Monday, 7 April 2014

F is for Farleigh Hungerford

 
Starting with the local dialect words ... do you know what firk means?  What is flare?  What are you doing if you freggle?  The answers are at the end of this post.
 
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We're over the border in Somerset today, travelling 4 miles west of Trowbridge to the village of Farleigh Hungerford.
 
The village is dominated by the ruins of a medieval castle.  Farleigh Hungerford Castle was built at the end of the 14th century by the prominent Hungerford family, who over the years played their part at the Court and in significant events in English history.  It is way too complicated to explain in detail in this short post (possible material for a detailed post in the future!) so I'll just give you a brief overview and you can read in more detail here if you want to.
 
Starting in the 1370s:
  • Sir Thomas Hungerford who built the original castle was the first Speaker of the House of Commons and steward to John of Gaunt.
  • His son, Sir Walter Hungerford, was also Speaker of the House of Commons, close companion of Henry V, fought at the Battle of Agincourt, became Treasurer of England, a member of the Order of the Garter and a guardian of the young Henry VI.
  • The heirs of his son, Sir Richard Hungerford, were both executed when they, unfortunately for them, chose to fight on the wrong side in the War of the Roses!  The castle passed to Richard of Gloucester who became Richard III.
  • Sir Richard Hungerford's third son, another Walter, fought on the right side at the Battle of Bosworth, supporting the soon to be Henry VII, who returned the castle to the Hungerford family.
  • Walter's son, Edward was a successful member of the Court of Henry VIII.  His son, another Walter, allied himself to Henry VIII's minister Thomas Cromwell.  In 1540, Cromwell fell from power and was executed, as was Walter who was tried and convicted of treason and 'unnatural vices'.
  • The castle passed to his nephew, another Edward, who was a Puritan and a Member of Parliament and fought on the side of Parliament during the Civil War. 
  • Move on two more owners to 1673 and the then owner, Sir Edward Hungerford, entertained the Royal Court of Charles II at the castle.  The castle was later searched in 1683 when the Rye House Plot (the plan to assassinate Charles II) was discovered.
  • This Edward was the last Hungerford to reside at the castle.  He sold it to pay some of his debts and over the following years it fell into ruin as stone and contents were used in other buildings. 
Here is a short video which shows what the castle looks like today.
 
 

The  village is now split in two by the A366.  The church, which would originally have been contained within the castle grounds is now the other side of the road. 
Unfortunately, the church was locked.  I'd wanted to photograph one of the windows which still contains some original 14th century yellow glass.

Back to the castle and I'll just show you the contents of the crypt - very rare lead coffins of adults and children which have death masks attached.  You have to view the coffins through an iron gate which was installed during the Victorian era; apparently some visitors to the crypt during this time would poke a stick into the coffin so that they could taste the embalming fluid.  Gross!
As you'd expect in a building with such a rich history, there are some gruesome tales which I'd like to share with you.

Sir Edward Hungerford (the one who was at Henry VIII's court) married Agnes who was previously married to a John Cotell.  To leave her free to marry Edward she arranged for Cotell to be killed by two servants at the castle and for his body to be disposed of in the castle ovens!  She went on to marry Edward and was protected from prosecution during his lifetime but on his death was tried and convicted on the crime and hanged at Tyburn.  Her ghost is reputed to be seen near the chapel at the castle.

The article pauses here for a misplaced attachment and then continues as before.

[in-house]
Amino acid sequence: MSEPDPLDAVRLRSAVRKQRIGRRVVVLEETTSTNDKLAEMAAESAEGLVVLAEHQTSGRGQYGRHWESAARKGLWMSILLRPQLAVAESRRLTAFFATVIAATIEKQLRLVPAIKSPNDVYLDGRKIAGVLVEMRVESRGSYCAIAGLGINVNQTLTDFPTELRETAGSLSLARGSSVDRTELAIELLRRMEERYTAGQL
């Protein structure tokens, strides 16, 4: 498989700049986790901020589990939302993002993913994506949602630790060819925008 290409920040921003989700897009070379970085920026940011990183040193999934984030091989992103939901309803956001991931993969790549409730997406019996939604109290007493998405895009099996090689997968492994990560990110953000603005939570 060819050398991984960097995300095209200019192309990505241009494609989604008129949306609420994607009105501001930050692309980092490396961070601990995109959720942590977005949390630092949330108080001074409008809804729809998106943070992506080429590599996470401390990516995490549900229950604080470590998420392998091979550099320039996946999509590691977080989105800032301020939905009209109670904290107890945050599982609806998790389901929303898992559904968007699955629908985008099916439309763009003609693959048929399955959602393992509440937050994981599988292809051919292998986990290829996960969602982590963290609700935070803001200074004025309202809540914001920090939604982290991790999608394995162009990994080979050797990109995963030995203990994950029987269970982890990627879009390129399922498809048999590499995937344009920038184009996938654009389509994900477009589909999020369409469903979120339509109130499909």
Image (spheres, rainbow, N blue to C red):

One of the towers is called the 'Lady's Tower', so named because Sir Walter Hungerford (the one who was friendly with Thomas Cromwell!) kept his wife, Elizabeth, a prisoner there for four years.  He tried to kill her by starving her and she claimed that she had to resort to drinking her own urine and rely on food smuggled in through the windows by sympathetic villagers. She also claimed that he tried to poison her.  She had the last laugh though, as she survived her husband and went on to remarry and have six children.

And one dubious legend - the north-west tower used to have a red conical roof and at one time was known as the Redcap Tower.  The story is that Redcap is the name of malevolent goblins who lurk in ruined castles and who dip their pointed hats in their victim's blood.
 
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Farleigh Hungerford also boasts one of country's last remaining river swimming clubs.  They swim in a part of the river Frome just above a weir which is fairly near the castle.

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I'm finishing with the answers to the local dialect words:
  • firk - to worry, to be anxious
  • flare - pig's fat
  • freggle - to fidget 
I'll be back tomorrow with the letter G.

3 comments:

  1. I love how steeped in history everything in England is. We just don't have that here, in a country that's less than 200 years old.

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  2. Thanks for another wonderful read! Have you been researching and photographing as you go, or did you already know most of the lore?

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    1. I knew most of it already but have researched as well so have managed to pick up some extra interesting information. I've taken most of the photos especially for this challenge, just a few came from my archives.

      Happy to hear you are enjoying the series of posts.

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